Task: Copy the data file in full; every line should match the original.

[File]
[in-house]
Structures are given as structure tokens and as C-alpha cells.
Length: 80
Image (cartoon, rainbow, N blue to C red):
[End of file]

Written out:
[in-house]
Structures are given as structure tokens and as C-alpha cells.
Length: 80
Image (cartoon, rainbow, N blue to C red):